A jury at Southwark Crown Court has found four Metropolitan police officers not guilty of assaulting a terrorism suspect. But it has taken almost eight years for the story to be fully told in the British courts.
Shortly after 0500 GMT on a December morning in 2003, Babar Ahmad and his wife were asleep in their home in Tooting, south London.
They did not know that more than a dozen police officers were about to burst in. And, until March of this year, they did not know that their home had already been bugged by MI5.
The recording from that bug was played during the trial of the four officers from that arrest team who, almost eight years on, have been found not guilty of assaulting Mr Ahmad during the dawn raid.
Roderick James-Bowen, Mark Jones, Nigel Cowley and John Donoghue, then all constables in the Met’s Territorial Support Group (TSG), had been told by senior officers to arrest Mr Ahmad.
He was believed to be the leader of an al-Qaeda-linked cell that acted as a conduit to terrorism overseas, providing recruits and logistical support.
And so, in the early hours of that morning, the officers were told to prepare to confront a highly-trained terrorist: someone with a shrapnel wound from fighting overseas – and someone similar to Kamel Bourgass, the man all police officers knew had recently killed a detective in Manchester.
Babar Ahmad, a martial arts enthusiast, was thought to be trained in armed and unarmed combat.
‘Deck and dominate’
Pc James-Bowen was the first of the four officers to reach the bedroom and told the jury he assessed that Mr Ahmad was in a fighting stance, looking for a weapon. The police strategy was simple – to “deck and dominate” the suspect by bringing him down if needs be, handcuffing him and making sure he could not escape or injure officers.
But there was no common ground between the four officers and Babar Ahmad over what happened next.
According to Mr Ahmad’s account, he put his hands up, but was subjected to a prolonged series of assaults which included kicks, punches, stamps on his feet and injuries caused by officers twisting handcuffs.
The officers said, however, that he resisted arrest, fighting with all his strength against them. In short, his injuries were caused by not going quietly.
One of the most sensitive allegations made by Mr Ahmad is that the officers mocked his religion. After he was released without charge, he claimed that he had been taken downstairs to the room he used for prayers. He alleged that officers made him kneel and one said: “Where is your God now?”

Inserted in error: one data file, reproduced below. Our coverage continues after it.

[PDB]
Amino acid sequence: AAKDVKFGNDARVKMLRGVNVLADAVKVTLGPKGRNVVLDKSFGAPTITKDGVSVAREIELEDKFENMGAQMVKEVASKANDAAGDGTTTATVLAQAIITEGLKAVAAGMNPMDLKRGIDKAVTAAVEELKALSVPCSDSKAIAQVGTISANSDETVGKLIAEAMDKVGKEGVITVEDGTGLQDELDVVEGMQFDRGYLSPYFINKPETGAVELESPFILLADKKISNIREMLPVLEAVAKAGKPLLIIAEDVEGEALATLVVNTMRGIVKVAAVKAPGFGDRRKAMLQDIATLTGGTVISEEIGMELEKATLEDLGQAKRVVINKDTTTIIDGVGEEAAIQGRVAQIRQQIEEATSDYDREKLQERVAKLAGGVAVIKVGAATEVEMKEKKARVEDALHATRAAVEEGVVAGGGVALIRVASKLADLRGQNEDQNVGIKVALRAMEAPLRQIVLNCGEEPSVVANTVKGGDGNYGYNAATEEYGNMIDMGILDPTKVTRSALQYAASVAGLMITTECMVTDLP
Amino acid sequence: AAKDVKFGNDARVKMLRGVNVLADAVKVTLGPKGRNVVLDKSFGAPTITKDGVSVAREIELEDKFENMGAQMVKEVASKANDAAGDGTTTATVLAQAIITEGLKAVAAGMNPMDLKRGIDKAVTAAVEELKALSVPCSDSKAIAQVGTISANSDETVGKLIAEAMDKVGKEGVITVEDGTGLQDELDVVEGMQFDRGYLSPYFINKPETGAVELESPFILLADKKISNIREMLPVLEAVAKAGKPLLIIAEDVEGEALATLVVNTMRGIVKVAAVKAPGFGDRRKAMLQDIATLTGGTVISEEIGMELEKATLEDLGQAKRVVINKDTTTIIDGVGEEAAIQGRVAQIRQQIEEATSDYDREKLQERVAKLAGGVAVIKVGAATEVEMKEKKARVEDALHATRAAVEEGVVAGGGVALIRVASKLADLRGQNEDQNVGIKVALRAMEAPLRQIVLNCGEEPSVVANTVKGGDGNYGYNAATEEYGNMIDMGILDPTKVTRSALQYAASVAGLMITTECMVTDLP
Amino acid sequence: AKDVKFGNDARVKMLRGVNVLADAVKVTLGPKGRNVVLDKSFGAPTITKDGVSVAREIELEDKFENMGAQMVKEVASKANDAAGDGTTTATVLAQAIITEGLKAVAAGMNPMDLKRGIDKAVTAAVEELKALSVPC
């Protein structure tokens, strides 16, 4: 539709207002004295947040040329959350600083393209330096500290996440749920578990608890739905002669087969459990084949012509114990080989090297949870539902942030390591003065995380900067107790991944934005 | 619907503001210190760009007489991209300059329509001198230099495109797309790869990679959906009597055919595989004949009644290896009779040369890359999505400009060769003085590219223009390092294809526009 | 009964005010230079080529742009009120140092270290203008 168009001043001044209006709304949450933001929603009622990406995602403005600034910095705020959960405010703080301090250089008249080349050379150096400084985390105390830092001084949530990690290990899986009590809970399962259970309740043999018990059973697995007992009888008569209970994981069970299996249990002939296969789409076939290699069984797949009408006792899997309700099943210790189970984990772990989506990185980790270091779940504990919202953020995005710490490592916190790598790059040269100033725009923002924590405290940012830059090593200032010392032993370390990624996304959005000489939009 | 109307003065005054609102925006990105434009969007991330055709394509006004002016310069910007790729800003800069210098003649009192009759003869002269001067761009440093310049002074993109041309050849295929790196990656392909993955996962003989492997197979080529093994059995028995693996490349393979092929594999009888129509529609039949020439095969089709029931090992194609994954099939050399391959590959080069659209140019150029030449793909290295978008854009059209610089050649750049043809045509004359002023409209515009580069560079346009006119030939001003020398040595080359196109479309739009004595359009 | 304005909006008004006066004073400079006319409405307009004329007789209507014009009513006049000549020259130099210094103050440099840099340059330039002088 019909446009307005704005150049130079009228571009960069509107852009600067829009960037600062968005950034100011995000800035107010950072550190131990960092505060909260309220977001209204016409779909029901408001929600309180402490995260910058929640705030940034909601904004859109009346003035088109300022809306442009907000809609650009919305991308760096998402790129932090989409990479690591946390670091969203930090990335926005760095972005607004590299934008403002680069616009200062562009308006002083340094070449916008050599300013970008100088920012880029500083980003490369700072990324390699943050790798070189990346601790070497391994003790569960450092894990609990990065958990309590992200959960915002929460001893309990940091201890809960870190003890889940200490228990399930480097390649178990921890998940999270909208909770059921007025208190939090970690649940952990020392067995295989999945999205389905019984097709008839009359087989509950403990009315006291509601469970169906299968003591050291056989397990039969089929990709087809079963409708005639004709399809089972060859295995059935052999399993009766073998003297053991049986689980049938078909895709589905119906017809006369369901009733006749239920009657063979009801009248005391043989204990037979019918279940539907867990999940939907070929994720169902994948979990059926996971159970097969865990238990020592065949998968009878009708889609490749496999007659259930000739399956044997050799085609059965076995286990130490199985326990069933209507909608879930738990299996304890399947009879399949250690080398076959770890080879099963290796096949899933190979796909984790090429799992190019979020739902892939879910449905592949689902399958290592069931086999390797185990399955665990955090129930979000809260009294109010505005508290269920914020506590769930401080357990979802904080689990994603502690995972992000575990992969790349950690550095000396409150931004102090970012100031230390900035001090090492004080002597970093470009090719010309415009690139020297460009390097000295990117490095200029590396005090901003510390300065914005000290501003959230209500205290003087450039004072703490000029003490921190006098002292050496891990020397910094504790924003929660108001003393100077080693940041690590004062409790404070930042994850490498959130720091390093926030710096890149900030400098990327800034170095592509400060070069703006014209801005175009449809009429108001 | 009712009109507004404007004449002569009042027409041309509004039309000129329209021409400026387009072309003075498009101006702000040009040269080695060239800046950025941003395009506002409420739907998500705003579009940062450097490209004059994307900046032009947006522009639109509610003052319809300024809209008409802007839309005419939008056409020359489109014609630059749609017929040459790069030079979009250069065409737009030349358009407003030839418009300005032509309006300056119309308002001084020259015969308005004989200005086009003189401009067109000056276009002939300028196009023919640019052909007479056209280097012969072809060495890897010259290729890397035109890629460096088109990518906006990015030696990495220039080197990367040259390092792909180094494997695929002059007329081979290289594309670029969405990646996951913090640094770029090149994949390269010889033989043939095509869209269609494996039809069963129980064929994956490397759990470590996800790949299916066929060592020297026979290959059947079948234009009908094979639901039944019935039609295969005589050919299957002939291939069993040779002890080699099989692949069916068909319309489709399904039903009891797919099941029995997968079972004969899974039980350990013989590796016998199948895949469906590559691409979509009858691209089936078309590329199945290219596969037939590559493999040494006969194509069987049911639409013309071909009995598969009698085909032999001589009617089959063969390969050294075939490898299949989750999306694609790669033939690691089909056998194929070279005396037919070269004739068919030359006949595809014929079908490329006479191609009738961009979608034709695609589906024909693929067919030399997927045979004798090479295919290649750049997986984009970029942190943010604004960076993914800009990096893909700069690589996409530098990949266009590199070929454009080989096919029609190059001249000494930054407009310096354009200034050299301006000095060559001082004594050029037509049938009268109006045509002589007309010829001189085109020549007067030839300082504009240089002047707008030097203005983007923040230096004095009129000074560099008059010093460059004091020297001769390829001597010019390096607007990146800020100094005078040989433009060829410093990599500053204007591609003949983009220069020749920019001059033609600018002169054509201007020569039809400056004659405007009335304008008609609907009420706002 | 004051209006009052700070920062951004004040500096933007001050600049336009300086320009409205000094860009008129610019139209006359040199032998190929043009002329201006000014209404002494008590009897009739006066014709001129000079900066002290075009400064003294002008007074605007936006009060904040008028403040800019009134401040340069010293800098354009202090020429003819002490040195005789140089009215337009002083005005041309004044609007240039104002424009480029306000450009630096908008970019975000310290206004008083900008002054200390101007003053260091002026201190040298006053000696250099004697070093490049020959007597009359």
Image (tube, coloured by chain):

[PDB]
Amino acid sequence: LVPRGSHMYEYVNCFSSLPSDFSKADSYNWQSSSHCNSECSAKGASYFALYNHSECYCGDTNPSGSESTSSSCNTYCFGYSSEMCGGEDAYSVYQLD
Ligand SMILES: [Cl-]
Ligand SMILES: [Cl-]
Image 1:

At the time, that single remark had huge implications for relations between the Metropolitan Police and Muslim communities. Pressure groups repeated the comment time and again at public meetings, presenting the police as waging a war on Muslims.
Not the final chapter
In three days of evidence, Mr Ahmad insisted that he would never forget the jibe.
Crucially, although the MI5 bug captured screams, shouts and even the tinkle of a broken window upstairs, those words could not be heard in the recording played to the jury.
But what the jury did not know, because of rules designed to ensure a fair and unprejudiced trial, is that Babar Ahmad has already sued for assault – and the Metropolitan Police’s Commissioner has admitted liability, paying him £60,000 in damages.
He took that action after the Crown Prosecution Service had initially concluded that the officers should not be tried. The Met’s pay-out prompted the CPS to review the case and to charge the officers after all.
Babar Ahmad’s father, Ashfaq, said his son would be disappointed with the verdict.
“But he will have the satisfaction that he had the chance to go in front of the world, and the media, the jury and the court to say ‘this is what happened to me, and I am honest and I am telling the truth’,” he told the BBC.
But the acquittal of the four officers at Southwark Crown Court is not the final chapter.
It paves the way for the Metropolitan Police Authority to publish an investigation into the Babar Ahmad affair. Retired judge Sir Geoffrey Grigson was brought in to oversee the Metropolitan Police’s own investigation into what happened in December 2003.